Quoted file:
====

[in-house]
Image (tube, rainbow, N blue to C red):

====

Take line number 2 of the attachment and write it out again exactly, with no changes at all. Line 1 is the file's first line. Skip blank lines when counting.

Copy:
Image (tube, rainbow, N blue to C red):